October Issue 2013

By | Here and Now | Published 6 years ago

Film adaptations of Shakespeare tend to be either self-important and humourless or alternately, in trying to appeal to a modern audience, far too slight and lacking in gravitas. Joss Whedon, a formerly cult auteur who achieved mainstream fame by helming The Avengers, manages to traverse the rare middle ground in his loose, improvisational adaptation of Much Ado About Nothing. Whedon is best known for his quippy, rapid-fire dialogue on TV shows such as Buffy the Vampire Slayer and Angel and somehow manages to bring that same levity to one of Shakespeare’s greatest comedies.

Part of the reason the film feels so organic is the circumstances in which it was filmed. One fine day, Whedon invited some of his friends to his Los Angeles home and filmed them in black and white as they acted out the play.

The cast won’t be well-known to anyone but Whedon fanatics, since he brought together regulars like Alexis Denisof, Nathan Fillion and Amy Acker, all of whom have appeared on multiple Whedon TV shows. Unlike Kenneth Branagh’s 1993 version of the play, Whedon is more interested in bringing out the screwball aspects of Much Ado About Nothing. All the action is centred around one house, which turns out to be a brilliant way of filming a play that uses eavesdropping as a major plot device.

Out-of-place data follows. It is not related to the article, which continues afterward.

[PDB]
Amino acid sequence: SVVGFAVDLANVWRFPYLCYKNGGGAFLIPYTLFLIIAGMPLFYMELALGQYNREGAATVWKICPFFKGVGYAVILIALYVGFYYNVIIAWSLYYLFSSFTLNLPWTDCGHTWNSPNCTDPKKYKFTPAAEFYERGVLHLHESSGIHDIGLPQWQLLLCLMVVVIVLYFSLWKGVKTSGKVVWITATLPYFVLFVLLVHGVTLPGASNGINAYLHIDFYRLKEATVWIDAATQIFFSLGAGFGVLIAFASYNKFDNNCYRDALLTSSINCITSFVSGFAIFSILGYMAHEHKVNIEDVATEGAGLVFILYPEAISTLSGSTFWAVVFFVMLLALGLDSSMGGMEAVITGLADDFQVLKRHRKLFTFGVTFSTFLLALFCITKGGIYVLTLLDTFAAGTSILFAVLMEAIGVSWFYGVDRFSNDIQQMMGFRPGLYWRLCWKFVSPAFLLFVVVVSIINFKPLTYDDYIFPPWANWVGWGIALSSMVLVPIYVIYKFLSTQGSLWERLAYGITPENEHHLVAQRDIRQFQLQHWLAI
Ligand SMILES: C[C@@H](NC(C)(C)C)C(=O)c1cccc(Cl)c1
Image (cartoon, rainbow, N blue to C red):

The director is also unafraid of delving into the weightier themes of the play without ever sacrificing his gentle touch. Misogyny — in particular, the valuing of virginity over humanity — is tackled seriously and without ever being trivialised. The plot will be familiar to fans of the play: Don Pedro and Claudio return home to a life of leisure and plot various romantic conquests. The centre piece is a masked ball as Claudio pursues the charming Hero. The standout here is Amy Acker as Hero’s cousin, who declares that marriage is not her cup of tea and love a mere illusion. She reserves most of her wrath for Benedict, another recent return to the land after fighting the Italian War. Benedict and Hero are constantly at each other’s throats, which only inspires the conspiring household staff and various other guests to bring them together. Without spoiling the conclusion, let it be known that the conclusion is not quite what fans of romantic comedies would predict.

The real marvel of Much Ado About Nothing is the acting. None of the actors are trained in the way of Shakespeare and theatre, but that turns out to be an advantage rather than a flaw. The dialogue flows smoothly and, even if it all seems a bit amateurish at times, the effect is one of love and spontaneity rather than incompetence. If only others treated Shakespeare in the same way — as popular entertainment rather than a part of the literary canon.

Nadir Hassan is a Pakistan-based journalist and assistant editor at Newsline.